What gets discussed at a therapy intake?

If you contact a mental health professional about getting your child or teen into therapy, they’re likely to mention wanting to do an intake session first. Perhaps you already have an intake scheduled, and you’re curious about what it’ll entail. I thought that outlining how I structure my intakes might give you a better idea of what to expect; however, every therapist operates differently, so be sure to take my outline with a grain of salt 🙂

Who attends the intake

The vast majority of time in my practice, I ask that parents attend the intake session alone, without their child. This is because parents are often feeling frustrated and exhausted by their child’s behavior, and I don’t want them to have to censor themselves – nor do I want the kiddo to spend 50 minutes listening to all their “crimes.” A parent-only meeting allows the adults (including me) to speak candidly so that my first meeting with the child can just focus on building rapport with them.

The only exception to this rule is when the client is an older child or teen who has requested therapy for themselves! In that situation, I want to honor their role in advocating for themselves, plus they can often articulate the problem more accurately than their parents, who may be in the dark about why their teen wants therapy.

What gets discussed

Here are the typical questions I ask:

  • What brings you to therapy? What are your concerns?
  • How long has the problem been going on?
  • Is your child complaining of head or stomachaches? How is their sleep?
  • Is this problem affecting them in other situations outside the home? (School, at the baby-sitter’s, soccer practice, etc)
  • Is there anything else relevant to your child’s history or family that I should know about?

The first two bullet points are probably self-explanatory and not much of a surprise, but I’ll delve a little deeper into the other questions.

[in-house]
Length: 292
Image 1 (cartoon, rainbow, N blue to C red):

Stomachaches and sleep?
Often, when children are experiencing high stress or anxiety, they’ll complain of head or stomachaches more often than usual. Sleep patterns are another area that can quickly get out of whack – in fact, I’ll say that very few children on my caseload are sleeping soundly at night. Physical health issues very often indicate psychological ones. Now, if this is something your child is struggling with, I’ll always ask that you check in with the pediatrician first to rule out any medical problems.

Even if all is well in a biological sense, it doesn’t mean the aches and pains aren’t real. Stress gets stored in the body and revealed in confusing ways – just as you might notice yourself getting a headache or neck strain or eye twitch when you’re stressed.

Problems happening in other situations?
Asking about how the problem affects the child at home, school, and other situations helps me to start isolating what I think could be the core issue in need of addressing. For example, if Kayden seems to do okay at home but shows extreme behavior at school and soccer practice, I might be wondering if there’s something about the structure or sensory experiences in those situations that are particularly triggering for him.

On the other hand, if Claire has separation anxiety from her mother at home and all other situations, I’ll feel more confident that the challenge isn’t specific to location and instead exists within Claire and her relationship with her mother. These things can’t be fully determined in an intake session alone – it will require more sessions with both kiddo and parents – but it helps me start to piece the puzzle together so that I can figure out how to help.

Anything else in the child’s history?
Background may not always seem relevant, but it can affect the presenting problem more than you think! To use the example above, if I discover that Kayden experienced a traumatic event at school three years ago, I’m going to look at his behavior very differently than if this knowledge were left out. Healing trauma comes first before addressing behavior.

Note: in my practice, I send intake paperwork to parents to complete before the meeting takes place, so you’ll have plenty of time to think about these things rather than trying to remember everything on the spot!

Opportunity for questions

In my intakes, I always make sure there’s time at the end for parents to ask whatever questions they may have about me specifically. Most commonly, people ask if I have experience working with a particular problem, as well as what strategies I typically take to address it. There are also often questions about the play therapy process.

However, sometimes the intake can be heavy and parents may feel at a loss for questions when the time comes to an end. Or, they may already be familiar with the therapy process and don’t feel a need to ask much. That’s okay too! Parents are always welcome to email me questions that pop up for them later.

In sum, the intake session is very much an information-gathering session for me, as well as an opportunity for us both to get to know each other. After all, feeling comfortable with and confident about your child’s therapist is an important aspect of your child’s treatment.

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